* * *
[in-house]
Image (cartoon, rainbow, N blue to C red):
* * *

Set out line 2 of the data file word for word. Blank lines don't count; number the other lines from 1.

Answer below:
Image (cartoon, rainbow, N blue to C red):